CC's other big blind spot is one I've commented on before and which has been termed by others as “methodolatry.” Definition:
the profane worship of the randomized clinical trial as the only valid method of investigation.
This is illustrated by a CC review of anticoagulation for acute venous thromboembolism (VTE):
The limited evidence from RCTs of anticoagulants versus NSAIDs or placebo is inconclusive regarding the efficacy and safety of anticoagulants in VTE treatment. The use of anticoagulants is widely accepted in clinical practice, so a further RCT comparing anticoagulants to placebo could not ethically be carried out.
The authors' statements are a little weaselly. They're saying there's no good evidence to support anticoagulants but come short of recommending for or against them. And while saying it would not be ethical to do a RCT they come short of saying there is no equipoise. In fact, given their presentation of the evidence as showing unknown benefit they imply that there is equipoise.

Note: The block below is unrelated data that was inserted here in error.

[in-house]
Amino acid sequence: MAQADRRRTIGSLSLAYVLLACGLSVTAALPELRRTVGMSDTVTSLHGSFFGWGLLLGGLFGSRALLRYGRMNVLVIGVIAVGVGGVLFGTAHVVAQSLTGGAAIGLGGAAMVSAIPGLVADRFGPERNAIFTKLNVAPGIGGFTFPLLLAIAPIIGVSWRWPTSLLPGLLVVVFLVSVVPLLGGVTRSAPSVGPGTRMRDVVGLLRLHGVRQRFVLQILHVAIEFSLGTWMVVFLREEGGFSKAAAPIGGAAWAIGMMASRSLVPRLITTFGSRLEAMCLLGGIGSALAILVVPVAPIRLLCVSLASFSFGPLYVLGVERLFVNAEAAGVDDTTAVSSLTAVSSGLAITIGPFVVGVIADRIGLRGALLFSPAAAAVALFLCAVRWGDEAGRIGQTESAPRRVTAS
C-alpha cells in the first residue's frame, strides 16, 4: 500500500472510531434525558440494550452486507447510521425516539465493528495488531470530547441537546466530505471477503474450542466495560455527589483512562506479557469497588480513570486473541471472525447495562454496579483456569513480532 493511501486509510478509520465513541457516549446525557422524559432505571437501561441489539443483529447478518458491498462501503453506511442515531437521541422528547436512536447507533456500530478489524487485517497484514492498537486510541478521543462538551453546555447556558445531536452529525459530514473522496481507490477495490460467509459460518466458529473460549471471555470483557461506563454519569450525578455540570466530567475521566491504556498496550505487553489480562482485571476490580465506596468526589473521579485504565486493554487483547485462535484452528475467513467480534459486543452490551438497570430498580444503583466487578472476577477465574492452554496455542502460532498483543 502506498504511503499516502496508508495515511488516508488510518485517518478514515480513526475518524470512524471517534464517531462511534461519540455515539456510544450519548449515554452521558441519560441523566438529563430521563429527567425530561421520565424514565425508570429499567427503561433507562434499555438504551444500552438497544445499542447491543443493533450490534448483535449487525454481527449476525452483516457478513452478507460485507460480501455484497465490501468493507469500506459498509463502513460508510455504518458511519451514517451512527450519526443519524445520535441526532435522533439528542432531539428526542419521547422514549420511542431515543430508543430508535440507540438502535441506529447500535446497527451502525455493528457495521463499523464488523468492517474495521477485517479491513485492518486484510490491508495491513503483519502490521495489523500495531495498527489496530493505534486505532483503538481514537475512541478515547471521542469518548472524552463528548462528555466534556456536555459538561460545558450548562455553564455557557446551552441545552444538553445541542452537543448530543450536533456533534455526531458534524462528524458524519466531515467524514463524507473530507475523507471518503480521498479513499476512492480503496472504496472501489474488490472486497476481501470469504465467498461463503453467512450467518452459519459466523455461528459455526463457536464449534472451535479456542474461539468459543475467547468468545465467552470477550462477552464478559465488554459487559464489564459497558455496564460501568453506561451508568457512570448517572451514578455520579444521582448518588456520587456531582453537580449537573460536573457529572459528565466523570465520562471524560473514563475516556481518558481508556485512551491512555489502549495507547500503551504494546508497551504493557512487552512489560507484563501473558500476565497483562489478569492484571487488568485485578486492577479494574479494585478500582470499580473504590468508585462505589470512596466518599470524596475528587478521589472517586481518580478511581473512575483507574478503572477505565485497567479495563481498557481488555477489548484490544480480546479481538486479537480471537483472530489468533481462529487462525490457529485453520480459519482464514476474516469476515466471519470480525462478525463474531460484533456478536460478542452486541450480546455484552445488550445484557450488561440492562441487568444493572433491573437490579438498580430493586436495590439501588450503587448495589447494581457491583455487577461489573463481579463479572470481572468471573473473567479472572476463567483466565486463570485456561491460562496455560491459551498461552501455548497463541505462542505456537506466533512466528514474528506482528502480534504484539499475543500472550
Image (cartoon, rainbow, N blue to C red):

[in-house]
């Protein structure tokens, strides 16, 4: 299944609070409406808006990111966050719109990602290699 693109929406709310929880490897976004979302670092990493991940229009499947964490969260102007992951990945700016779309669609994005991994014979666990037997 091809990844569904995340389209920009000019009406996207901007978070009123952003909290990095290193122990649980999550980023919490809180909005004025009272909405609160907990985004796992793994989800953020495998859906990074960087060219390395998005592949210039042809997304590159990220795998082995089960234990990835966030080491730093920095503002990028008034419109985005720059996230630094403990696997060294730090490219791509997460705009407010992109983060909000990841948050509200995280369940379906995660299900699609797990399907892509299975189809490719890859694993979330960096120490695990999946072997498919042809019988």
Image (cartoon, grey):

These statements carry the potential for harm as illustrated by their citation on a web site purporting to advance the cause of evidence based medicine (EBM), the NNT, a popular open access site that encourages clinicians and patients to evaluate evidence for claims of popular treatments. The NNT's piece on anticoagulants for the treatment of VTE, using the Cochrane review as its only source material, states regarding the treatment of VTE with anticoagulants:
100% saw no benefit
0% were helped by being saved from death
Only through the lens of methodolatry could such a conclusion be reached. In fact there is evidence in favor of the treatment of VTE with anticoagulants. Though not from high quality placebo controlled RCTs the evidence is, in the aggregate, compelling.